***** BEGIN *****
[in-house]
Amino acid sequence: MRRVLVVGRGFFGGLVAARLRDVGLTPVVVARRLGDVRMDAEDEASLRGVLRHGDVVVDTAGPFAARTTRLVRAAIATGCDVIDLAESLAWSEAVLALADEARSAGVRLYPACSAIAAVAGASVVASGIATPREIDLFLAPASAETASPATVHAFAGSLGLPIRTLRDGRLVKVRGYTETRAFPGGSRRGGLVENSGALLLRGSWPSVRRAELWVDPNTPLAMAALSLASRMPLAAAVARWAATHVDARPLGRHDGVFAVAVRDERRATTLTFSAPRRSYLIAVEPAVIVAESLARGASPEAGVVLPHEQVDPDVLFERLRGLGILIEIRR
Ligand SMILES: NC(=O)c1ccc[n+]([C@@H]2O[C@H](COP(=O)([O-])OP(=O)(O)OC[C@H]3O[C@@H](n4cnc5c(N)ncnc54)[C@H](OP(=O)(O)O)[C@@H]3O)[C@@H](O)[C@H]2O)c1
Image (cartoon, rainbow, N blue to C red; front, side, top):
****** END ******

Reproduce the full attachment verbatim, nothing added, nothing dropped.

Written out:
[in-house]
Amino acid sequence: MRRVLVVGRGFFGGLVAARLRDVGLTPVVVARRLGDVRMDAEDEASLRGVLRHGDVVVDTAGPFAARTTRLVRAAIATGCDVIDLAESLAWSEAVLALADEARSAGVRLYPACSAIAAVAGASVVASGIATPREIDLFLAPASAETASPATVHAFAGSLGLPIRTLRDGRLVKVRGYTETRAFPGGSRRGGLVENSGALLLRGSWPSVRRAELWVDPNTPLAMAALSLASRMPLAAAVARWAATHVDARPLGRHDGVFAVAVRDERRATTLTFSAPRRSYLIAVEPAVIVAESLARGASPEAGVVLPHEQVDPDVLFERLRGLGILIEIRR
Ligand SMILES: NC(=O)c1ccc[n+]([C@@H]2O[C@H](COP(=O)([O-])OP(=O)(O)OC[C@H]3O[C@@H](n4cnc5c(N)ncnc54)[C@H](OP(=O)(O)O)[C@@H]3O)[C@@H](O)[C@H]2O)c1
Image (cartoon, rainbow, N blue to C red; front, side, top):